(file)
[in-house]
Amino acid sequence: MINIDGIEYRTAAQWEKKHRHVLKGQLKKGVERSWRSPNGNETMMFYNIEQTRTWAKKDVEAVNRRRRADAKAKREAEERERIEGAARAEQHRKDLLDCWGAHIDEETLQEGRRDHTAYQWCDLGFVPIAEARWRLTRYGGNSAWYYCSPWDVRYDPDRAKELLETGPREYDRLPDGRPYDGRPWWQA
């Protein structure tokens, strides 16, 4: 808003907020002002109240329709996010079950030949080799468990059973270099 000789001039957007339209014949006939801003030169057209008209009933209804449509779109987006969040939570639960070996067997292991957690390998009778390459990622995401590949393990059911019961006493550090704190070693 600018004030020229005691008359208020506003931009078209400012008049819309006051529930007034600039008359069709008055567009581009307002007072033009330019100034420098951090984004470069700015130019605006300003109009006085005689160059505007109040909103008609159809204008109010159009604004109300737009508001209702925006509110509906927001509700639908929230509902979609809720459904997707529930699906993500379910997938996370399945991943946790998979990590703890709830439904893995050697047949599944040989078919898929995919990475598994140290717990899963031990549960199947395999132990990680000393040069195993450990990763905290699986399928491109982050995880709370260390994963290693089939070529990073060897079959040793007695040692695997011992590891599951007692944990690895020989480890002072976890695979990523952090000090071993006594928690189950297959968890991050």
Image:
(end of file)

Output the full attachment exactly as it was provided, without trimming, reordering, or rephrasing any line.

[in-house]
Amino acid sequence: MINIDGIEYRTAAQWEKKHRHVLKGQLKKGVERSWRSPNGNETMMFYNIEQTRTWAKKDVEAVNRRRRADAKAKREAEERERIEGAARAEQHRKDLLDCWGAHIDEETLQEGRRDHTAYQWCDLGFVPIAEARWRLTRYGGNSAWYYCSPWDVRYDPDRAKELLETGPREYDRLPDGRPYDGRPWWQA
């Protein structure tokens, strides 16, 4: 808003907020002002109240329709996010079950030949080799468990059973270099 000789001039957007339209014949006939801003030169057209008209009933209804449509779109987006969040939570639960070996067997292991957690390998009778390459990622995401590949393990059911019961006493550090704190070693 600018004030020229005691008359208020506003931009078209400012008049819309006051529930007034600039008359069709008055567009581009307002007072033009330019100034420098951090984004470069700015130019605006300003109009006085005689160059505007109040909103008609159809204008109010159009604004109300737009508001209702925006509110509906927001509700639908929230509902979609809720459904997707529930699906993500379910997938996370399945991943946790998979990590703890709830439904893995050697047949599944040989078919898929995919990475598994140290717990899963031990549960199947395999132990990680000393040069195993450990990763905290699986399928491109982050995880709370260390994963290693089939070529990073060897079959040793007695040692695997011992590891599951007692944990690895020989480890002072976890695979990523952090000090071993006594928690189950297959968890991050």
Image: